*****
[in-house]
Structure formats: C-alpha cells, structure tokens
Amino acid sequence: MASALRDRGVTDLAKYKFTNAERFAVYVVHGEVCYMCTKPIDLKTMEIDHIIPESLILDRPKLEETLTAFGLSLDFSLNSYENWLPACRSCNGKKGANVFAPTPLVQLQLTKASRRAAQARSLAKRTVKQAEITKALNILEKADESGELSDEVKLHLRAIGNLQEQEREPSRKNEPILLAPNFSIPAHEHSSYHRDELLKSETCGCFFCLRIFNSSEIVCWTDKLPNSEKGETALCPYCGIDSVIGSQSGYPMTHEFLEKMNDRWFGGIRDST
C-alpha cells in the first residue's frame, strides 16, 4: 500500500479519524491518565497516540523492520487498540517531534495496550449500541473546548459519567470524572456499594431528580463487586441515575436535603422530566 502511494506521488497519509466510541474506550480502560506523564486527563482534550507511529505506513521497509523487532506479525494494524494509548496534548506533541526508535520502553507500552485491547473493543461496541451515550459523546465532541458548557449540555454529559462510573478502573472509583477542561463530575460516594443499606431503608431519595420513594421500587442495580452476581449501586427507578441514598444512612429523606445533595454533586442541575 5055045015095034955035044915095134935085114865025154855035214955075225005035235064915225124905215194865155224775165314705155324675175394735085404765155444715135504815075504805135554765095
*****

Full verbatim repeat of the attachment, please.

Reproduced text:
[in-house]
Structure formats: C-alpha cells, structure tokens
Amino acid sequence: MASALRDRGVTDLAKYKFTNAERFAVYVVHGEVCYMCTKPIDLKTMEIDHIIPESLILDRPKLEETLTAFGLSLDFSLNSYENWLPACRSCNGKKGANVFAPTPLVQLQLTKASRRAAQARSLAKRTVKQAEITKALNILEKADESGELSDEVKLHLRAIGNLQEQEREPSRKNEPILLAPNFSIPAHEHSSYHRDELLKSETCGCFFCLRIFNSSEIVCWTDKLPNSEKGETALCPYCGIDSVIGSQSGYPMTHEFLEKMNDRWFGGIRDST
C-alpha cells in the first residue's frame, strides 16, 4: 500500500479519524491518565497516540523492520487498540517531534495496550449500541473546548459519567470524572456499594431528580463487586441515575436535603422530566 502511494506521488497519509466510541474506550480502560506523564486527563482534550507511529505506513521497509523487532506479525494494524494509548496534548506533541526508535520502553507500552485491547473493543461496541451515550459523546465532541458548557449540555454529559462510573478502573472509583477542561463530575460516594443499606431503608431519595420513594421500587442495580452476581449501586427507578441514598444512612429523606445533595454533586442541575 5055045015095034955035044915095134935085114865025154855035214955075225005035235064915225124905215194865155224775165314705155324675175394735085404765155444715135504815075504805135554765095